It’s on my to-do list to come back one day and figure this out!
Bamberg in Germany’s Franconia region is an amazing UNESCO village. The centerpiece is a stunning building that straddles the river – and although it’s not usual to find churches and cathedrals this old, in fact the Altes Rathaus dates back to the fifteenth century, which is quite amazing for a building.
Here is one view:
And here is the much more impressive view:
And here is the final view, showing the stunning painted facade:
An historian once told me that painted buildings like this only came into fashion in the eighteen century in Europe, when the paint technology was sufficiently advanced to allow them to do this.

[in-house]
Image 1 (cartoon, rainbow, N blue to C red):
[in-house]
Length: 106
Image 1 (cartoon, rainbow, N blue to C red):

On a recent trip to the Franconian village of Bamberg I stumbled across this while on a long hike in the woods:
An old and often historically old marker like this, with a shell, symbolizes that you are on the world famous but “Ken disappointing” religious pilgrimage route, dating back to the early Middle Ages and leading to a cathedral in Galicia, Spain.
It made my day! I try to hike sections of Jakobsweg whenever I get the chance, and in fact a short segment passes through Winterthur in Switzerland and is often a part of my 15 km daily Nordic walk. So I was quite thrilled to find this very unexpected branch of the trail!
Well, I was not surprised when my eyes sometimes later caught this fountain in downtown Bamberg, also adorned with a shell:
Don’t get me long – I love hiking the Jakobsweg, as countless people have been on these very same trails dating back many hundreds of years. But I say “Ken disappointing” because, after many years on my bucket list, I recently had the chance to visit the destination of the pilgrimage route, a cathedral in the Galician city of Santiago de Compostela – and I was thoroughly disappointed.